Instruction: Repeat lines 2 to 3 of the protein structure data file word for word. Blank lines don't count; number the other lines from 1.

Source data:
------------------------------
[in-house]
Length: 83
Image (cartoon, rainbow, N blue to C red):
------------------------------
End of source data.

Length: 83
Image (cartoon, rainbow, N blue to C red):